Image by Ian Sane on Flickr

Writing text on charts

Writing text on charts

Most charts consists of 2 - 4 "boxes" with some text inside them. Text in boxes is different from text in sentences and/or paragraphs. When writing an article, you don't have to worry about how long a line is, and/or whether it fits exactly in a certain amount of space.

Some guidelines about writing text in boxes:

  • Make sure the point in each of the boxes has more or less equal weight in terms of content. You don't want box 1 to cover the entire presentation message, and box 2 to be a footnote detail.
  • Think of text on slides as headlines. Strip out all unnecessary filler words (i.e., make it as short as possible), but add enough words to keep it specific (i.e., no generic buzzwords).
  • Make sure that each box has roughly the same amount of text, covers the same number of lines. Yes, that means being a bit more verbose if one box is particularly short.
  • Adjust line breaks to avoid orphan words on the next line, or line breaks that cut the words of a key concept in two (cognitive [break] dissonance).

When "writing" a chart: the content should be clear but the text should be balanced as well.


Image from WikiPedia

The audience who knows

The audience who knows

The feedback on most presentations is usually that it could have been shorter, more to the point. So, if you can pretty much say anything in 10 minutes, why do people study for years to get an academic degree in something?

The answer: most business presentations are conducted in front of an audience which is pretty familiar with the subject. The venture capitalist has seen thousands of startup pitch presentations, the retired angel investor has interviewed and met thousands of candidates for specific positions, the strategic acquirer knows the limitations of a certain technology, the CEO has a pretty decent understanding of the market she is operating in.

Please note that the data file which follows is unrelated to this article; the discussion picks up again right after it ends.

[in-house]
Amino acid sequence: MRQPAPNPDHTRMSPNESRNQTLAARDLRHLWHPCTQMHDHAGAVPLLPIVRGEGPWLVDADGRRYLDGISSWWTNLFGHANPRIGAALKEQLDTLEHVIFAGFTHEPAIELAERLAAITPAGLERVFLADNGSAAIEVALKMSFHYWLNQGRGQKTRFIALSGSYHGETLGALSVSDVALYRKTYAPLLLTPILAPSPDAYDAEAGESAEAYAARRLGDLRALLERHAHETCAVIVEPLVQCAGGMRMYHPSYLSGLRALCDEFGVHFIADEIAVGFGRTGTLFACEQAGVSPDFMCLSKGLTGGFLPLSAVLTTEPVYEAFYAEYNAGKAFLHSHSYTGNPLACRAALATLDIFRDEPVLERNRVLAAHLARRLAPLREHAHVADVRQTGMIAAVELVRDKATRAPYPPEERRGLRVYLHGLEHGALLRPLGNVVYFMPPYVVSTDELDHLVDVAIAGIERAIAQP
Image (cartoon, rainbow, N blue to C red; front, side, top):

So all these presentations can skip all the background and dive straight into the one thing that is new, that is different.


Image via WikiPedia

The presentation is not always the bottleneck

The presentation is not always the bottleneck

The presentation needs to "transplant" your idea in the head of your investors or customers. They need to understand what the idea, and then be excited enough about it to buy or invest.

Paying a professional presentation designer to do your slide deck is not a guarantee to succeed. I see many presentations that might not be top notch, but which look professional enough and are clear enough to convey the idea. In those cases I am honest and say that the startup's funds might be better spent elsewhere.

Remember: investors might not like you, investors might not like the idea, investors might not like the market segment, investments might not believe that it will work, there are thousands of potential reasons for "no", and misunderstanding the story and/or the visual quality of the slides is just one of them.